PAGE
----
Form I-94

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I-94, front

thumI-94, back

An I-94 is a form denoting the Arrival-Departure Record of particular aliens used by U.S. Customs and Border Protection (CBP). U.S. Citizenship and Immigration Services (USCIS) uses Form I-94 also. Form I-94 must be completed at the time of entry to the United States by foreign citizens that are being admitted into the United States in a nonimmigrant visa status.[1] While citizens of the countries in the U.S. Visa Waiver Program (VWP) list,[2] who are entering the United States via an air or seaport for 90 days or less and who are not U.S. citizens or permanent residents are required to complete an I-94W ("Nonimmigrant Visa Waiver Arrival/Departure Form"), these visitors must now also obtain an Electronic System for Travel Authorization (ESTA) prior to traveling to the United States. The I-94W form requirement has been dropped during Summer 2010, after a transitional period, for VWP applicants.[3][4]

A completed Form I-94 is presented by the foreign citizen at the port of entry to the United States to a CBP Officer, who stamps the form and gives the final approval for admission of the alien into the United States in a specific nonimmigrant status for a specific authorized period.[5]

As a general rule, aliens who are not U.S. permanent residents[1] departing the United States are required to surrender their Form I-94 when leaving the United States, so that their departure can be properly recorded by the CBP Officers (typically to the airline or ship representative, or into a deposit box in the terminal). If the Departure Record portion is not surrendered then it may cause difficulties trying to re-enter the USA, as the systems used to track ingoing and outgoing visitors may show that the holder has overstayed, although this may be rectified.[6]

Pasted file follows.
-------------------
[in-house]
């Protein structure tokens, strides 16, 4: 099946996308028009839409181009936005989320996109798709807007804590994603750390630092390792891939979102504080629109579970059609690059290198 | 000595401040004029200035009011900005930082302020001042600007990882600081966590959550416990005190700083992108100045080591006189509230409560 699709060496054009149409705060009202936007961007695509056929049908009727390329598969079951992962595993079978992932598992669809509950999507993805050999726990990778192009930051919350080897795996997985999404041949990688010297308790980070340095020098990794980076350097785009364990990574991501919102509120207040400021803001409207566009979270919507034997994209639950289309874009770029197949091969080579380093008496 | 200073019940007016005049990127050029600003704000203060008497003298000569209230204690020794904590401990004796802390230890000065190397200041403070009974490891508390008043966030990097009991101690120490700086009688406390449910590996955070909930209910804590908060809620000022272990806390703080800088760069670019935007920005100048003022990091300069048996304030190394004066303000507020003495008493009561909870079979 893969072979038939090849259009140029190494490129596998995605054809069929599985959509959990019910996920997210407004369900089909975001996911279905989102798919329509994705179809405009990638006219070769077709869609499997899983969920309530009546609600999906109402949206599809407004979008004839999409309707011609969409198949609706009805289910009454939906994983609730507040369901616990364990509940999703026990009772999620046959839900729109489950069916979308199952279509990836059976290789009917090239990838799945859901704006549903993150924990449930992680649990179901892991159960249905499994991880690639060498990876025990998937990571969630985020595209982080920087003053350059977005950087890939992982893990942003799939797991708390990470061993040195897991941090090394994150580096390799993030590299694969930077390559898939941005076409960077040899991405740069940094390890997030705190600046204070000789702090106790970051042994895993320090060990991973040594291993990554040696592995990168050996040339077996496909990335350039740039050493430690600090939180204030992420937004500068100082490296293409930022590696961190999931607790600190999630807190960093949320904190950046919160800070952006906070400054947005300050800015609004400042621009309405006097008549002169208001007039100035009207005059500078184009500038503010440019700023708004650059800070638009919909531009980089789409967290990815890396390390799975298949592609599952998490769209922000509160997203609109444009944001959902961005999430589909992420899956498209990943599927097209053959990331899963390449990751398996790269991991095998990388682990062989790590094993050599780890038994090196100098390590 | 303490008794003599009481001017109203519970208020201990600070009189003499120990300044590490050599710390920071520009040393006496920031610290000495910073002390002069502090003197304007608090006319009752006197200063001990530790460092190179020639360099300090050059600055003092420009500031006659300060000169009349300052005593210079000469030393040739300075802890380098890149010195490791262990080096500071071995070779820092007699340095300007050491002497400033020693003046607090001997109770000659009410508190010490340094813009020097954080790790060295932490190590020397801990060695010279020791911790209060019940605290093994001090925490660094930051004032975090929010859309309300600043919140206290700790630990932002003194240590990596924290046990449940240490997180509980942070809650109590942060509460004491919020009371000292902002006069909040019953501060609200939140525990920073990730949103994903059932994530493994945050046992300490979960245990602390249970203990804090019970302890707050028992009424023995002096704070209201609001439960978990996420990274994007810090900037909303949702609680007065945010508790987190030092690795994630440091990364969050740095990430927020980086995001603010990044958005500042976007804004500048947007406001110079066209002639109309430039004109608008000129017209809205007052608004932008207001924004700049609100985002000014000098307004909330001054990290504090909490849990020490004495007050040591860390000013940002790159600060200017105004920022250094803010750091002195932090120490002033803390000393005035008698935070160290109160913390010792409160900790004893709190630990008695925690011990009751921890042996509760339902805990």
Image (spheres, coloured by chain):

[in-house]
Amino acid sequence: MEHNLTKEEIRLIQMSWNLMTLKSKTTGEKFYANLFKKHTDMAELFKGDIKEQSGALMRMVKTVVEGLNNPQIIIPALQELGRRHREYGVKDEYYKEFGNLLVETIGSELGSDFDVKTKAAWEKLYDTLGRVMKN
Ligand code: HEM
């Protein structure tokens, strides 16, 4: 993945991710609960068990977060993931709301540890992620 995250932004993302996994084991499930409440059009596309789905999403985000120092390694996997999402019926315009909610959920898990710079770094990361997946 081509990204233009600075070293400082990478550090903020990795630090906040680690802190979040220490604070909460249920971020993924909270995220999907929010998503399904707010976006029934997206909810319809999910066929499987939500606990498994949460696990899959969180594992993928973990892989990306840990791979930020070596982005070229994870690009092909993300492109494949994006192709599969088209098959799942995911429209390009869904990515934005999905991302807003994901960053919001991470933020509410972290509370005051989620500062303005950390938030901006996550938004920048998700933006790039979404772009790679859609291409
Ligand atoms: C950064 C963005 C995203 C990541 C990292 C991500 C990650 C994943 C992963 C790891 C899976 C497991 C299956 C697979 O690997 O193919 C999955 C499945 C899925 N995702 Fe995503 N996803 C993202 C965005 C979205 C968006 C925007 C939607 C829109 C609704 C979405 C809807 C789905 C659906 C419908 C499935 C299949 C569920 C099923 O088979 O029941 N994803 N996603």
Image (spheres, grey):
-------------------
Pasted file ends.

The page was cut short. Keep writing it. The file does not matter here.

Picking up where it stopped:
When departing the United States for Canada or Mexico, for a trip of less than 30 days, it is not required to surrender the I-94 [7] If the I-94 form is lost or stolen while the nonimmigrant is in the United States, a replacement form may be requested from USCIS.[8]

While in the United States, non-immigrant visitors[9] may apply for a change of non-immigrant visa status from one category to another or for an extension of the previous non-immigrant status by filing form Form I-539 with USCIS. Upon approving such application, USCIS issues an approval notice, the bottom portion of which is a new Form I-94 for the non-immigrant, reflecting that visitor's new or extended non-immigrant visa status and also showing a new authorization period for that status.

The I-94 paper form is no longer issued for international visitors arriving by sea or by air. Instead, arrival and departure information is gathered electronically from carriers. This system shift went into effect at five airports (Charlotte, Chicago, Las Vegas, Miami, and Orlando) on April 30, 2013, and progressively introduced at other major ports of entry during the following three weeks until it went nationwide.[10] Customs and Border Protection launched a new webpage on May 1, 2014, that offers nonimmigrant U.S. visitors access to their I-94 arrival/departure record and their arrival/departure history. The CBP webpage allows nonimmigrant travelers to access arrival/departure records going back five years from the request date. This electronic travel-history function means that travelers may no longer need to file Freedom of Information Act requests to receive their arrival/departure history, greatly speeding their process. Travelers will have electronic access to the date and port of entry of their arrivals and departures.[11]

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